Addressable and advanced television advertising that lets marketers reach target audiences with more personalized commercials is on the verge of becoming more mainstream on national TV networks. This convergence of linear and digital media underscores the need for interoperable and transparent ways of doing business.

“The TV industry is made up of hundreds, if not thousands, of different entities that are working together,” Tim Myers, general manager of strategy, products and partnerships at DISH Media, said in this interview with Beet.TV. “It’s always going to be complex, and because of that, you’re going to have to be flexible, and you’re going to have to have this interoperability.”

National TV ad spending will grow 6.6% next year as demand for media recovers, WPP’s GroupM forecast this month. It’s not clear how much of that spending will go into addressable ads, amid some of the uncertainties of the pandemic and implementing the technology to show different ads to different households on national broadcast TV.

Source: GroupM

For addressable advertising to grow and support continued investment, metrics that provide greater insights and transparency are a key part of a more open ecosystem.

“Working with others to drive that scale is very important in that open environment,” Myers said. “Being flexible to work with a variety of vendors, to be flexible in terms of the way the transactional models work and the services we can provide to programmers.”

While addressable advertising has been available for two minutes of every hour on cable and satellite TV, the inventory is going to expand to the other 14 minutes that programmers sell. That expansion will make addressable advertising more mainstream and bring greater scale.

“Addressable has been a great product that DISH and others have been able to drive through that first wave of scale, when it’s still been limited to the smaller portion of TV budgets,” Myers said. “We’d like to see addressable become the way that you transact television on an impression-based model.”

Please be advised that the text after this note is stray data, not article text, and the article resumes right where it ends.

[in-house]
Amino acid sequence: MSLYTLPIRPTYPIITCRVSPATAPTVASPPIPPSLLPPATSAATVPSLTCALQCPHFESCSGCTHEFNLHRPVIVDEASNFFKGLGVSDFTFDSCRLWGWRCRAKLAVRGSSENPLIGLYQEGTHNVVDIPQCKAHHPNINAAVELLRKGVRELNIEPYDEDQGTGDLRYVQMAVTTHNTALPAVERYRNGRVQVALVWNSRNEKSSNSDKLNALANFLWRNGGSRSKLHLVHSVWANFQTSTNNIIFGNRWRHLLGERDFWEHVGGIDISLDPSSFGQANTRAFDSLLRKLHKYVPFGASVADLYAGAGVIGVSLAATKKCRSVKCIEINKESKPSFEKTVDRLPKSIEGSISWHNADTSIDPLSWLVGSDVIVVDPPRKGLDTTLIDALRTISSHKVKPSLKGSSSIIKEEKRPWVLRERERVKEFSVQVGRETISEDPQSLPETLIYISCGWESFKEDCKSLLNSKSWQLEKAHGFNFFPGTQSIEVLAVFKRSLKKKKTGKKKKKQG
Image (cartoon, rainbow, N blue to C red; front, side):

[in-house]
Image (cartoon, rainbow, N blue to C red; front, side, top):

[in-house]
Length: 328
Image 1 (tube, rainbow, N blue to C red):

TV ratings company Nielsen this month announced plans to unify media measurement among linear and digital channels, a key step in encouraging advertisers to allocate their budgets more effectively and support further innovation.

“I’ve been talking about national enablement since I first started working on addressable,” Myers said. “The problem has always been for national networks, if you go to addressable … you’re only affecting a percentage of your overall footprint. You had to take that unit out of sale with Nielsen, and now the economics of trying to get back to what you could have sold that unit on a national basis always has been very difficult.”

More comprehensive metrics can help to make the market more open and transparent, supporting continued investment.

“The ability to have that inventory that you can still sell broadly, you can still transact with a Nielsen currency, but in the case where you’re going to take some of the audience out and transact that audience addressably — that’s critically important to make it so that programmers can optimize their inventory, and make much more of that inventory available for sale in an addressable model,” Myers said.

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